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somebody trying to make a quick buck. what does that say about the middle of the country, the media, and the threat that we all face? we have noticed the difference between her it has been looked at in germany, and outside of germany. the mainstream media were actually very cautious. the police said they were not ruling out any of these options. and from the outset, they said that they had votes, about this later claiming responsibility was genuine. at the same time, a lot of discussion online, and crimes from the antimicrobial dfd party, that it was definitely an islamist attack. that has been false. we saw, a lot ofjumping to that has been false. we saw, a lot of jumping to conclusions that has been false. we saw, a lot ofjumping to conclusions from the international media. he thought it was an islamist attack. in germany,
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it was different because we have had a number of incidents over the past few years, a number of incidents over the past few yea rs, i a number of incidents over the past few years, i went attacks, it has been thought it was islamist but it has not been the case. that has happened a couple of times. that is why the mainstream media have been cautious, and this afternoon the tea m cautious, and this afternoon the team itself has thanked officials and the media for notjumping to conclusions. that obviously makes it harder to get the actual perpetrator. and we can take a look at the weather. good afternoon. we have got a lot of dry weather this weekend, and sunshine, looking pretty good. today, you can look at the satellite picture. we have had a lot of great too, some sunshine at the south west. this cloud starting to thin, go lumpy. cloudy skies. the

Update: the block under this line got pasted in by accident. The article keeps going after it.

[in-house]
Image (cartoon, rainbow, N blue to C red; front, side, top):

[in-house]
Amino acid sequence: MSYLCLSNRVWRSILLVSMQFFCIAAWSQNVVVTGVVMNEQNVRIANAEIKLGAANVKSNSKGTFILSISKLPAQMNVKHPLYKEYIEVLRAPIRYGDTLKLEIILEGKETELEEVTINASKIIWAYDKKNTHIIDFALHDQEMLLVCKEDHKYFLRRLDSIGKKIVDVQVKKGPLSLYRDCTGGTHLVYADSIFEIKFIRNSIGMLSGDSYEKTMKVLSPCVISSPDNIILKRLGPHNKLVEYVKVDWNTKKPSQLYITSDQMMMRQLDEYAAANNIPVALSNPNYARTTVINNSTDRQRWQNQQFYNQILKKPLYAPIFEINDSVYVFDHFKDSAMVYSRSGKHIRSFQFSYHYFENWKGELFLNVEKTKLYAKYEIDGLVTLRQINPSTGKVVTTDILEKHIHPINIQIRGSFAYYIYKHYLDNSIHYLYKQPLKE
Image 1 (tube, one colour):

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thickest, on that weather front, and behind that going to be introducing some called air, 1a, possibly 15. not much rain at all, especially if scotland. we could have some frost at the countryside. but those cloudy skies that wales, breaking things, and possibly some light showers. cooler here. otherwise, lovely. more sunshine to come, and a little bit more cloud for northern ireland, you could get some rain, but the worst is going to be coming next week. it is going to be coming next week. it is good to be getting much colder.